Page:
• Taking small dental x-ray image(s).

  • Filling the hole in the tooth with a semi-permanent or definitive core filling.


Root canal retreatment involves re-cleaning infected root canal(s), and then re-sealing the space left with a new root filling. The processes are similar to root canal treatment (see above); however, it can sometimes be more challenging to perform.


Apical surgery is a minor surgical procedure which involves cleaning and filling the tips of the root(s).

The procedure involves:

  • Administration of local anaesthetic.

  • Cutting and lifting of the gum.

  • Removal of the tip of the root.

  • Cleaning and filling of the new tip of the root.

  • Taking small dental x-ray image(s).

  • Replacement of the gum being held in place with dissolvable stitches.


Traditionally, success means your tooth should be symptom-free and without evidence of infection after completing endodontic treatment. The probability of endodontic treatment being successful is usually high but treatment cannot be guaranteed to be effective. Sometimes endodontic treatment has been completed to a satisfactory standard but it is ineffective. There is a risk of persistent infection which may then require further dental treatment, including further endodontic treatment or removal of the tooth (known as 'extraction'). It should be remembered that endodontic treatment aims to control infection, and it is not currently possible to make the inside of a tooth completely free from bacteria or other microbes.



It is important that you take time to carefully consider all options available for your tooth, including the associated pros, cons, risks, likely prognoses and financial costs. The alternatives to endodontic treatment may include:

  • No treatment, which is not advisable as there is a risk of acute infection with pain and swelling; OR

  • Removal of the tooth (known as 'extraction'). It may be possible to restore the resulting space with a dental implant, fixed bridge or removable denture, subject to further assessment.


Usually one 60-90-minute appointment. In a small number of cases, it can take multiple appointments.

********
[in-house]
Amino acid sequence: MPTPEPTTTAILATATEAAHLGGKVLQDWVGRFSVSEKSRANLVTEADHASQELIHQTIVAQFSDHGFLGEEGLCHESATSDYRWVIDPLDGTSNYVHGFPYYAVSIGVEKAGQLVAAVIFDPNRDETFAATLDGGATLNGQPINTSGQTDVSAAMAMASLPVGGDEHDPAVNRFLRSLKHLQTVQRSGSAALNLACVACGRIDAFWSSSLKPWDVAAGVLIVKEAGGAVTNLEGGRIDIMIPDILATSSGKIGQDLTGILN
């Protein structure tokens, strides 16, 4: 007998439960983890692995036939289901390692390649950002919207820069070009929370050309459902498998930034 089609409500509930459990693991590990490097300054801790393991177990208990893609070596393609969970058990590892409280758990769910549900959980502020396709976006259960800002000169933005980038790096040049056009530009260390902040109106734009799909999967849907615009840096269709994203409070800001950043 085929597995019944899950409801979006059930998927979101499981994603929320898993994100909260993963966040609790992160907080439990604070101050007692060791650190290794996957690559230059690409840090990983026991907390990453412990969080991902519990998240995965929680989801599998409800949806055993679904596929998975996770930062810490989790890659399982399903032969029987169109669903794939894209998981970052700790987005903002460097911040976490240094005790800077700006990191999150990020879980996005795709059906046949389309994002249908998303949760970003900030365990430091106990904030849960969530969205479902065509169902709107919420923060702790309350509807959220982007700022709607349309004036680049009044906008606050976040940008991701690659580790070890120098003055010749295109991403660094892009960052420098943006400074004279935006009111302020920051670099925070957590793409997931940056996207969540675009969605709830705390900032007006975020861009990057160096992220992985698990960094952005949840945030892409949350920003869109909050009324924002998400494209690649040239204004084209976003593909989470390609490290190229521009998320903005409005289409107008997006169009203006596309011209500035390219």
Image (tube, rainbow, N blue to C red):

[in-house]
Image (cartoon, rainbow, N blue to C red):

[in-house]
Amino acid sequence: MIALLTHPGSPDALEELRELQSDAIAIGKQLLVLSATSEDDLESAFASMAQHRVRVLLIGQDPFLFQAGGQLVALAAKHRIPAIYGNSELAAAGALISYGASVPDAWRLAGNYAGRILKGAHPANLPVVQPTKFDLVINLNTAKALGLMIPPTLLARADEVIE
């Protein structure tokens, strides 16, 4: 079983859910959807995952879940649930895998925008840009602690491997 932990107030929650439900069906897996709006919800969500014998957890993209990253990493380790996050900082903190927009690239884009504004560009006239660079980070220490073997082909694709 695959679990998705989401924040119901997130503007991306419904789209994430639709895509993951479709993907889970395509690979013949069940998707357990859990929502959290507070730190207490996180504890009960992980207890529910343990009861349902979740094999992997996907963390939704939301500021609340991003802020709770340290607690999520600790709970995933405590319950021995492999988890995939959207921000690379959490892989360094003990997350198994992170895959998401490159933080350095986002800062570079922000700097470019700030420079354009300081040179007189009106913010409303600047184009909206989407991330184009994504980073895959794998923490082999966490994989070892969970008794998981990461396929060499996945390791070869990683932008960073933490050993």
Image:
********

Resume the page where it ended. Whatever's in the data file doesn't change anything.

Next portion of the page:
The root canals may be complex, e.g. narrow, curved or blocked. It is important to take time to thoroughly clean and seal the inside of the tooth.


There are unwarranted horror stories about endodontic treatment. Most patients do not experience any pain during treatment with local anaesthetic. Justin wants the experience to be as pleasant as possible, and patients frequently report that the experience was not as bad as they had expected. Justin will explain what he is doing during treatment and he will let you know in advance if you are likely to feel vibrations or hear noises. Justin uses a stretchy sheet (known as the 'dental dam') during root canal treatment and retreatment. This sheet is secured around the tooth to ensure optimal cleaning of the root canals and provide patient comfort as it protects the throat. Justin uses an operating microscope to significantly improve vision within the tooth.


You are welcome to bring your own headphones and listen to music. A rubbery prop can be placed between your upper and lower teeth to help your mouth stay open. Sometimes patients catch up on some sleep and take a nap.



After treatment, most patients experience mild discomfort/pain due to the work carried out. This discomfort/pain may last for several days. It may be necessary to take pain killers, and avoid chewing directly on the treated tooth for a few days.

A small number of patients experience:

  • Soreness in their jaw muscles due to keeping their mouth open during treatment. This soreness may last for several days. It may be necessary to eat softer foods to allow the jaw muscles time to recover.

  • A bruise on their face. It may take around two weeks for the bruise to disappear.

  • Severe pain and/or facial swelling due to a spreading infection. This pain and/or swelling may take many days to settle, and may unfortunately disrupt daily activities. It is therefore advisable that treatment is not schedule within two weeks of an important event or travelling/flying. It may be necessary to seek emergency dental care with Justin, your general dentist or an emergency dental clinic which may involve taking stronger pain killers and possibly antibiotics.


You will remain under the care of your general dentist during and after treatment with Justin.


You may require additional dental treatment with your general dentist. This may involve:

  • Aesthetic dentistry (e.g. dental whitening of the tooth).

  • Protective cap (e.g. onlay or crown) to minimise the risk of the tooth cracking/splitting.

  • Replacement of an existing crown.

  • A bite guard for a tooth/clenching grinding habit.

Your general dentist will be able to give you further details, including the type, timing and cost of additional dental treatment. Please discuss this with your general dentist before embarking upon treatment with Justin.


It is advisable that the tooth and surrounding tissues are reviewed to assess the outcome and determine whether treatment has been effective or ineffective. The review is usually carried out at least one year following the completion of treatment. Sometimes sooner or several reviews are necessary. The review appointment usually involves a clinical examination and taking a small x-ray image. The review appointment may be carried out by your general dentist or Justin.


It is imperative that you:

  • Keep your teeth and gums clean and healthy.

  • Eat a healthy diet with a low frequency intake of sugary substances.

  • Attend your general dentist for regular check-ups and general dental care of your teeth, gums and mouth.